Tuesday, April 09, 2013
In NDPR, Duane H. Davis reviews Leonard Lawlor's Early Twentieth-Century Continental Philosophy.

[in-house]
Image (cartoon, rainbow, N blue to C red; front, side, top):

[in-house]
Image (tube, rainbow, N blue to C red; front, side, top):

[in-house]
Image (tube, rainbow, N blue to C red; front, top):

Lawlor foregrounds the difference between world and things as the event of appropriation. "To think according to language amounts, for Heidegger, to experiencing the speaking of language itself so that this speaking 'happens' (ereignet) as an event, it grants an abode". Glossing other post-Kehre works, language is "the house of being" where we dwell poetically. Language calls humans forth in the "fundamental rift or tear (Riss) of Being itself". Lawlor stresses the way language is an opening to the outside -- not from an inner subject, but in a profoundly new way -- from silence. "This speaking from the unspoken, a beginning speaking . . . turns the spoken into a 'trait' (Zug) . . . or a 'trace' (Spur) . . . . What we must do is learn to dwell within this 'whole of traits' . . . . Another name for this whole of traits is the outside". Thus, as will become apparent in the final chapter, the later works of Heidegger are reframed as being on the way to Foucault.
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